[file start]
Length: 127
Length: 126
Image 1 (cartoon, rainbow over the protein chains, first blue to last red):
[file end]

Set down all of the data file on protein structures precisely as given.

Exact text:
Length: 127
Length: 126
Image 1 (cartoon, rainbow over the protein chains, first blue to last red):